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Fruit - Fruits 1
Which is your favourite fruit?

Fruit - Fruits 1

Our first quiz on the subject of fruit and fruit growing in the British Isles. Do you know what a quince is or does? Can you grow apricots in the UK and how do you grow raspberries? See how much you know.

To see a larger image, click on the picture.
1.
This blossom is from which type of fruit tree?
Photograph courtesy of Elf - Blossom
Apple
Peach
Pear
Plum
  • The plant genus is Pyrus.
  • Some species are hard and inedible whilst others are extremely sweet.
  • Used by humans as a food since prehistoric times.
  • The Romans did not eat them raw, preferring instead to stew them.
  • The Sheriffs of London are reported to have given these fruits as a gift to Henry III.
  • The most widely grown variety in British gardens is Conference.
2.
To which genus do apples belong?
Photograph courtesy of www.flickr.com/photos/amiefedora/
Malus
Prunus
Crataegus
Sorbus
  • One of the most widely grown fruits.
  • China produces the most - about 35% of the total world production.
  • Blossom is usually pink and white.
  • Many varieites do well in English gardens.
  • There are over 3,000 different varieties known in Britain.
  • The most popular cooking variety is Bramley seedling.
3.
What is the name of this fruit?
Photograph courtesy of www.flickr.com/photos/viclic/
Apricot
Peach
Plum
Nectarine
  • Latin Name: Prunus persica var. nucipersica
  • Cultivars of peaches and genetically almost identical.
  • Unlike peaches they have smooth skin and are sometimes referred to as shaved peaches!
  • Flesh can be either pink or white.
  • More often than not they are a little sweeter than peaches.
  • In the UK they need to be grown against a south facing wall to do well.
4.
What other name is sometimes given to raspberries?
Photograph courtesy of User:Fir0002
Hinderberry
Worcesterberry
Chicherberry
Gloucesterberry
  • Plant Genus: Rubus
  • This image was selected as 'Picture of the day' in English Wikipedia on June 20, 2006.
  • Raspberries require fertile, well drained soil.
  • For best results they must be irrigated whenever there is a dry spell prior to and during the fruiting season.
  • Normally planted in rows and trained by the use of posts with wire stretched between.
5.
What is the name of a dried plum?
Photograph courtesy of Fir0002/Flagstaffotos
Currant
Prune
Raisin
Sultana
  • Latin Genus: Prunus
  • Mature fruits often look as if they are covered in powder - this is known as 'wax bloom'.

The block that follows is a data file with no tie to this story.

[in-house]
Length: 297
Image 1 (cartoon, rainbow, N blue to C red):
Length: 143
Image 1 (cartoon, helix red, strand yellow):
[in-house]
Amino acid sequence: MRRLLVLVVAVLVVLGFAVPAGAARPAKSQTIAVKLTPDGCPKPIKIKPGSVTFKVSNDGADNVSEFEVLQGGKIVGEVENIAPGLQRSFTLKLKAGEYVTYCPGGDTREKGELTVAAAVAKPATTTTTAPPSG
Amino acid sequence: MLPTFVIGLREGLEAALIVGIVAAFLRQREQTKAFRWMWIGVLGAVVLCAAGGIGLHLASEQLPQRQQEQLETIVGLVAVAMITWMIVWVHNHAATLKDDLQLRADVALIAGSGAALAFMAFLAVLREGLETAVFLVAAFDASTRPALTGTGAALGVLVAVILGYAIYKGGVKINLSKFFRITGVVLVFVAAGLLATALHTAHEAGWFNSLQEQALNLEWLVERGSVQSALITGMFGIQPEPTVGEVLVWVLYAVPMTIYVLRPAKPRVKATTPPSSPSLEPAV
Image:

• Popular varieties are Czar, Dennistons Superb, Early Laxton, Marjorie's Seedling and Victoria.
  • Varieties differ widely in their sweetness, ranging from barely edible to heavenly! The skin can be particularly sour.
  • Well known as a laxative.
6.
Which of the names below is a variety of apricot?
Photograph courtesy of User:Fir0002
Tomcot
Timcot
Tumcot
Tamcot
  • A member of the large genus of sweet-fruited plants called Prunus.
  • Usually the trees are small but they can grow up to 12 metres.
  • New varieties and warmer summers mean that apricots can now be grown further north.
  • They need the warmest part of the garden (ideally against a south facing wall) in order to do really well.
7.
What type of melon is this?
Photograph courtesy of United States Department of Agriculture
Watermelon
Honeydew
Casaba
Cantaloupe
  • Latin Name: Cucumis Melo.
  • Rated by many as the sweetest of all melons.
  • To enjoy it at its best it needs to stay on the vine until it is fully ripe.
  • An ideal plant if you are lucky enough to have a large greenhouse.
  • Perfectly ripe melons have a distinctive fragrance and you can hear the seeds rattle if the fruit is shaken.
8.
What is the name of this fruit?
Photograph courtesy of www.geograph.org.uk/profile/8569
Blackberry
Redthorn
Raspberry
Redcurrant
  • Latin Name: Ribes rubrum.
  • A member of the gooseberry family.
  • Insignificant flowers are followed by brilliant red fruits.
  • The flavour is a little 'sharp' and therefore they need to be sprinkled with sugar if eaten raw.
  • There is an albino version that tastes just the same.
  • A 'jelly' made from the fruit (in the same way that jam is made) is often served with roast lamb.
9.
What is the name of this fruit?
Photograph courtesy of http://www.spone.net/
Pear
Avocado
Quince
Apricot
  • Latin Name: Cydonia oblonga.
  • Flowers are whitish-pink.
  • Immature fruit is green and covered with tiny white hairs.
  • Mature fruit is yellow.
  • Turkey produces 25% of the world's total production.
  • Resists winter frosts but needs a good deal of summer warmth to mature properly.
  • One of these trees is often planted in Slavonia and Croatia to mark the arrival of a baby.
You could be forgiven for thinking that it was a pear. They look similar but taste very different!
10.
This plant is often found growing in the wild - what is its common name?
Photograph courtesy of Oceandesetoiles
Alder
Selder
Elder
Kelder
  • Latin Genus: Sambucus
  • Large clusters of off-white flowers appear in the Spring and if these are not gathered to make cordial they develop into small, black berries.
  • The berries can be made into a syrup.
  • The Fanta company make and sell a drink called 'Shokata' from the berries.
  • An important food plant for several species of butterflies and birds.
Author:  Colin King

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